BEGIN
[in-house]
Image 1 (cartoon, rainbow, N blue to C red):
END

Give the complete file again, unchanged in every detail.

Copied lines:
[in-house]
Image 1 (cartoon, rainbow, N blue to C red):